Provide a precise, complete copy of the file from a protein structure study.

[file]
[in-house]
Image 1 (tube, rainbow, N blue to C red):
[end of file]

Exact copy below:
[in-house]
Image 1 (tube, rainbow, N blue to C red):